A Christmas cracker? A look at the retail winners and losers of the festive period
The 2018 Christmas shopping period provided the usual mix of winners and losers and an abundance of discounted stock.
It did not, as usual, provide a perfect barometer with which to measure the state of play in the UK retail sector, however it did offer a number of lessons for both retailers and landlords.
Generally speaking, the winners of previous years won again, while the losers continued feel the pain. With so many factors clouding the overall picture, including the ongoing uncertainty surrounding Brexit, the growth of online retail and the unseasonably warm weather, it can be quite difficult to see the wood for the trees. However, there are a couple of factors which have emerged seem as key determinants of success.
This year’s winners – Selfridges and Nike, to name a couple – have a clear and defined identity, which allows customers to feel like they belong to an exclusive group. Shopping there means you are buying products which define the kind of person you are, or the type of person you would like to be perceived as.
The second factor, employed particularly well by brands like Uniqlo, is giving the consumer a level of service and originality that isn’t replicated in other high street stores. This could include in-store events, free tailoring services or collaborations with designers and celebrities. Conversely, the retailers who have performed poorly tend to be mass market, with operators having lost their way in an extremely competitive market.
The picture for overall UK sales was unsurprising, given the strong headwinds currently faced across the sector. Total sales were flat, showing 0% growth, and represented the worse December sales growth since 2008, according to the British Retail Consortium (BRC). That said, research from Barclaycard was slightly more positive, although it did shine a light on the current level of caution among UK consumer.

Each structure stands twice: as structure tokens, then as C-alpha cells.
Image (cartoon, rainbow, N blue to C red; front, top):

Once again, the high street failed to attract as many new visitors despite frequent discounting in the run-up to Christmas, and footfall fell marginally by 0.1% compared to the same period in 2017, while online retail continued to grow. For many, the idea of shopping on the high street in the weeks leading up to Christmas fills them with fear.
Instead, post rooms feel the pressure as shoppers made the most of Amazon Prime’s next day delivery service, freeing up time for the more enjoyable activities. That said, even retailers such as ASOS and Missguided, stalwarts of the online fashion market, reported less than impressive sales in the lead up to Christmas.
So what can the retail industry learn from this? From a landlord perspective, retailer woes have put creative asset management at the forefront of the agenda for the year ahead. An over-supply of retail space has created an opportunity for alternative uses or attractions to be housed within vacant retail properties, which in turn will drive traffic to struggling stores.
For retailers, the consumer experience can no longer mean shops merely filled to the brim with ‘stuff’ and shoppers willingly walking in to purchase. Instead, they must be lured in with quality service, experiences and, ideally, a product that is not available elsewhere.
Factory outlet centres provide a good example of how the relationship between landlord and occupier can work more effectively. Landlords have to consistently invest in the centre, creating an enjoyable place for consumers to visit, while retailers must provide an excellent in-store service to ensure they maintain performance. As retailers in outlet centres are on short performance-based leases, they must do well otherwise they risk being replaced. Given the trend towards shorter traditional retail leases, could this model could transfer to full price centres?
If landlords and retailers can work together encompassing areas such as these, the outlook for the retail sector in 2019 may not be the no-hoper that many believe it will be.
Head of Retail Agency and Development
+44 (0) 20 7318 5153